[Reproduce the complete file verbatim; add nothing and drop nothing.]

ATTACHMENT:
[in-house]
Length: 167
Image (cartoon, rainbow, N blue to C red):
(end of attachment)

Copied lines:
[in-house]
Length: 167
Image (cartoon, rainbow, N blue to C red):